This study has various strengths: (a) it was performed in full-scale wastewater treatment plants supplied with a promising technology for the production of wastewater that can be reused in agriculture (MBR technology) or with a technology frequently used for wastewater disinfection (ClO2); (b) different indicators and pathogens were investigated at the same time to evaluate the possible microbiological risk associated to the reuse purpose; (c) cultural and molecular methods were used for Salmonella spp. and Legionella to compare the results evaluating the usefulness in the monitoring programmes.

This study has also some limits: (a) the study have considered 3 WWTPS with specific characteristics (e.g. MBR pore size, ClO2 dose), then it could be interesting to carry out further investigation considering WWTPs equipped with others MBR system or using a disinfection step improved (e.g. higher ClO2 dose, adding of a pre-treatment) to achieve the requirement for wastewater reuse purpose; (b) the study mainly regarded bacterial contamination, but it could be interesting keeping virological risk associated to the wastewater reuse; (c) in order to study the risk associated to wastewater reuse the microbiological quality of agricultural products cultivated using treated wastewater could be also considered; (d) the use of qPCR with photoactivatable DNA intercalators (e.g. EMA or PMA) could allow to distinguish viable from dead cells improving the exposure risk evaluation to Legionella.


The results obtained underline that the MBR technology can be suitable for wastewater reuse applications allowing to achieve the requirement proposed by the new European legislation. The slight difference between the performance of WWTP1 and WWTP2 confirms the importance of studying the optimal operative conditions of the process. More attention should be given to wastewater reuse of effluents treated with ClO2. An improved tertiary treatment (e.g. higher ClO2 dose) could increase the performance.

The comparison between the results obtained with molecular and culture methods confirmed the greater sensitivity of the molecular method mainly associated to the presence of interfering microflora in wastewater samples. Although it is well known that qPCR for Legionella detection can overestimate the contamination level, its use could allow a more precautionary risks estimation. This is particularly important considering that aerosol formation from wastewater contaminated by Legionella could represent an occupational health risk associated with reuse.

The overall results highlight the importance to evaluate the effectiveness of wastewater treatments with the purpose of agricultural reuse. In this context, the improvement of the treatment system, when necessary, is crucial for the prevention of a possible risk to public health. This activity is also important considering the approach to risk management reported in the EU regulation that comprises assessing risks in a proactive way. That is in order to guarantee that wastewater reuse is safely and managed with aim to prevent the risks for the environment, human or animal health.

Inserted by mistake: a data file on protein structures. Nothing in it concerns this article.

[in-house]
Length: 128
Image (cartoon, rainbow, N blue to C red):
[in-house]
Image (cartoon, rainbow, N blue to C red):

Availability of data and materials

The data sets used in this study are available from the corresponding author on reasonable request.



Shiga toxin-producing E. coli


Membrane bioreactor


European Union


Quantitative polymerase chain reaction


Wastewater treatment plant


Most probable number


International Organization for Standardization


Colony forming unit


Genome unit


Chemical oxygen demand


Biochemical oxygen demand


Total suspended solids


Analysis of variance


Viable but not culturable


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The authors thank the collaboration with the IRETI staff that provided excellent logistical support. This study was supported by the AMGA Foundation, of IREN S.p.A group.


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SiB: conceptualisation, methodology, investigation, formal analysis, writing—original draft; CP: conceptualisation, investigation, writing—review and editing; EG, LR: investigation, data curation; SaB: conceptualisation, investigation, formal analysis, writing—original draft; EC: conceptualisation, methodology, writing—review and editing, project administration, funding acquisition. All authors read and approved the final manuscript.

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Correspondence to Sara Bonetta.

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Additional file 1:

Figure S1. E. coli concentration (Log MPN/100 mL) in WWTP effluent (E: effluent; DE: post-disinfected effluent; 1: WWTP1; 2: WWTP2; 3: WWTP3. Table S1. Results of physical and chemical analyses in the different WWTP samples. Table S2. Results of Spearman’s correlation between microbiological parameters and physicochemical parameters in the full-scale WWTPs.

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Bonetta, S., Pignata, C., Gasparro, E. et al. Impact of wastewater treatment plants on microbiological contamination for evaluating the risks of wastewater reuse. Environ Sci Eur 34, 20 (2022).